One of North Korea’s most enduring domestic challenges has been its inability to reliably meet domestic energy demands – both in terms of electricity generation and the provision of fuel for commercial, industrial, and military vehicles. North Korea imports oil products from its neighbors – primarily from China – in an attempt to supplement domestic power generation, while North Korean vehicles are primarily powered by these fuel imports. While North Korea has no proven reserves of petroleum or other liquids, some experts have suggested that both onshore and offshore hydrocarbon reserves exist in and around North Korea, though both political and technical challenges will likely complicate any efforts to explore and exploit these.
Energy Rich, Electricity Poor?
Electricity generation is an ongoing challenge for North Korea. Previous assessments have found that as many as 19 million North Koreans may live without electricity and that only 36 percent and 11 percent of urban and rural areas are electrified, respectively. Those North Koreans for whom electricity is available at times may only have access to power for as little as two hours each day.
While in the past North Korea was able to receive subsidized oil imports from the former Soviet Union, today North Korea generates most – as much as 76 percent – of its power from hydroelectric sources, with the remainder supplied by the DPRK’s large coal reserves and by imported petroleum products.
North Korea’s ability to import oil and petroleum products is limited by international sanctions, with United Nations Security Council Resolution 2397 capping imports of refined petroleum at 500,000 barrels per year and limiting imports of crude oil to four million barrels per year. Beyond power generation, North Korea relies on imports of oil and petroleum products in order to power vehicles. Restrictions on North Korean oil imports have likely impacted the North Korean military, including limiting the number of hours North Korean pilots are able to train and constraining North Korea’s ability to stockpile wartime reserves, but may also have contributed to such things as a lack of needed fuel for agricultural equipment. North Korean has shown itself to be capable of evading sanctions related to its import of oil, including through the use of illicit ship-to-ship transfers, and the DPRK has also taken steps to find alternatives to traditional liquid fuels.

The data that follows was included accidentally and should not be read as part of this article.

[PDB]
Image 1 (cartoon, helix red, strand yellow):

Over the past 50 years, North Korea has engaged in exploratory surveys and test drillings, but has yet not yet clearly identified any commercially viable sources of crude oil or natural gas. Competing maritime claims with some of its neighbors may have contributed to the lack of North Korea discovery of exploitable oil or gas reserves, but likely more significant has been the DPRK’s inability to acquire the necessary drilling equipment and technology as well as the substantial financial and political risks that exist for foreign corporations hoping to engage in exploratory efforts with North Korea.
But Getting It Out of the Ground…
One expert has suggested that North Korea may indeed demonstrate good hydrocarbon potential. Mike Rego – formerly in charge of oil exploration for British firm Aminex, which in 2004 signed an exploratory agreement with North Korea before withdrawing from the country in 2012 – has argued that past explorations both on and offshore suggest relatively promising prospects for the discovery of energy reserves.
Rego also notes, however, that the constraints which have limited exploration and exploitation in the past will likely continue to do so.